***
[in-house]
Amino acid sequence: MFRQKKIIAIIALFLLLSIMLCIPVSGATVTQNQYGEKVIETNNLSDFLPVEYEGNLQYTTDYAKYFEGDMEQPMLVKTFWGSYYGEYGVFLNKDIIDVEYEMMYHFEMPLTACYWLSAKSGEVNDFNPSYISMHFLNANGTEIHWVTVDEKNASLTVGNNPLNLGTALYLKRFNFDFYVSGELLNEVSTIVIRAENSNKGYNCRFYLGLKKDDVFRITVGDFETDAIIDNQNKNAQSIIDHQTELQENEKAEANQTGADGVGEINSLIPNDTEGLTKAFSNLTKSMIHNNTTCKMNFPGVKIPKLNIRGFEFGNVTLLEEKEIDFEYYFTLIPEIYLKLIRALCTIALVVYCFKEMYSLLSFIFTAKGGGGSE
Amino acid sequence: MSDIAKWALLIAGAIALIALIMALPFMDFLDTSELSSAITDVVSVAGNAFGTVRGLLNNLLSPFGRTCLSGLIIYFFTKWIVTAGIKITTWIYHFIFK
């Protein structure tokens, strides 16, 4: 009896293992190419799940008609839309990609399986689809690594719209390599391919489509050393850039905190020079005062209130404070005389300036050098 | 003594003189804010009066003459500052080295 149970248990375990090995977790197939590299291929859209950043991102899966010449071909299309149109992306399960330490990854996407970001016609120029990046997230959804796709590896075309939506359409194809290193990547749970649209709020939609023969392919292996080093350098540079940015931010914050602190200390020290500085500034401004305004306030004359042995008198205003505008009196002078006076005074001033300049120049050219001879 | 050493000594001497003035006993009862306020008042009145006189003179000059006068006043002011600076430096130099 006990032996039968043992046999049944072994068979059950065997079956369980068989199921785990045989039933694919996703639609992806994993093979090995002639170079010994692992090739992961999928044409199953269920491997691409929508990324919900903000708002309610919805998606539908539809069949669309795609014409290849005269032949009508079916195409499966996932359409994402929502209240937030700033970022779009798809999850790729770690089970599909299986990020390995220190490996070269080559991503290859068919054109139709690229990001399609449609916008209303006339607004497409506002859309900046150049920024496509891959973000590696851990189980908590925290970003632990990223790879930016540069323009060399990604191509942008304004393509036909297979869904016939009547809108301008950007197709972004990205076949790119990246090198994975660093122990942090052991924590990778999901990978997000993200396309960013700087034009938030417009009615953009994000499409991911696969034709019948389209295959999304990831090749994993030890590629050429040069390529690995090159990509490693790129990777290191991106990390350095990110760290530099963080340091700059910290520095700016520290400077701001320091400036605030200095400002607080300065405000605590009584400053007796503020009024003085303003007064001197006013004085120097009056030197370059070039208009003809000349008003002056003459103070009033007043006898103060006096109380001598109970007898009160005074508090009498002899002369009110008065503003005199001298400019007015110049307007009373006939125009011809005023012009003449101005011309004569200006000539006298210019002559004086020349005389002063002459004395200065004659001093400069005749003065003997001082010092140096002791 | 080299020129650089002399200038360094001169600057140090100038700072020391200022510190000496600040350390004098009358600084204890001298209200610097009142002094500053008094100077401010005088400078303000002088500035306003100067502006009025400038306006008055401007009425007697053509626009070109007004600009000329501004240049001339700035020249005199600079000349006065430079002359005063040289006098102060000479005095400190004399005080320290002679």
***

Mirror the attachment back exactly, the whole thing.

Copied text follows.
[in-house]
Amino acid sequence: MFRQKKIIAIIALFLLLSIMLCIPVSGATVTQNQYGEKVIETNNLSDFLPVEYEGNLQYTTDYAKYFEGDMEQPMLVKTFWGSYYGEYGVFLNKDIIDVEYEMMYHFEMPLTACYWLSAKSGEVNDFNPSYISMHFLNANGTEIHWVTVDEKNASLTVGNNPLNLGTALYLKRFNFDFYVSGELLNEVSTIVIRAENSNKGYNCRFYLGLKKDDVFRITVGDFETDAIIDNQNKNAQSIIDHQTELQENEKAEANQTGADGVGEINSLIPNDTEGLTKAFSNLTKSMIHNNTTCKMNFPGVKIPKLNIRGFEFGNVTLLEEKEIDFEYYFTLIPEIYLKLIRALCTIALVVYCFKEMYSLLSFIFTAKGGGGSE
Amino acid sequence: MSDIAKWALLIAGAIALIALIMALPFMDFLDTSELSSAITDVVSVAGNAFGTVRGLLNNLLSPFGRTCLSGLIIYFFTKWIVTAGIKITTWIYHFIFK
């Protein structure tokens, strides 16, 4: 009896293992190419799940008609839309990609399986689809690594719209390599391919489509050393850039905190020079005062209130404070005389300036050098 | 003594003189804010009066003459500052080295 149970248990375990090995977790197939590299291929859209950043991102899966010449071909299309149109992306399960330490990854996407970001016609120029990046997230959804796709590896075309939506359409194809290193990547749970649209709020939609023969392919292996080093350098540079940015931010914050602190200390020290500085500034401004305004306030004359042995008198205003505008009196002078006076005074001033300049120049050219001879 | 050493000594001497003035006993009862306020008042009145006189003179000059006068006043002011600076430096130099 006990032996039968043992046999049944072994068979059950065997079956369980068989199921785990045989039933694919996703639609992806994993093979090995002639170079010994692992090739992961999928044409199953269920491997691409929508990324919900903000708002309610919805998606539908539809069949669309795609014409290849005269032949009508079916195409499966996932359409994402929502209240937030700033970022779009798809999850790729770690089970599909299986990020390995220190490996070269080559991503290859068919054109139709690229990001399609449609916008209303006339607004497409506002859309900046150049920024496509891959973000590696851990189980908590925290970003632990990223790879930016540069323009060399990604191509942008304004393509036909297979869904016939009547809108301008950007197709972004990205076949790119990246090198994975660093122990942090052991924590990778999901990978997000993200396309960013700087034009938030417009009615953009994000499409991911696969034709019948389209295959999304990831090749994993030890590629050429040069390529690995090159990509490693790129990777290191991106990390350095990110760290530099963080340091700059910290520095700016520290400077701001320091400036605030200095400002607080300065405000605590009584400053007796503020009024003085303003007064001197006013004085120097009056030197370059070039208009003809000349008003002056003459103070009033007043006898103060006096109380001598109970007898009160005074508090009498002899002369009110008065503003005199001298400019007015110049307007009373006939125009011809005023012009003449101005011309004569200006000539006298210019002559004086020349005389002063002459004395200065004659001093400069005749003065003997001082010092140096002791 | 080299020129650089002399200038360094001169600057140090100038700072020391200022510190000496600040350390004098009358600084204890001298209200610097009142002094500053008094100077401010005088400078303000002088500035306003100067502006009025400038306006008055401007009425007697053509626009070109007004600009000329501004240049001339700035020249005199600079000349006065430079002359005063040289006098102060000479005095400190004399005080320290002679």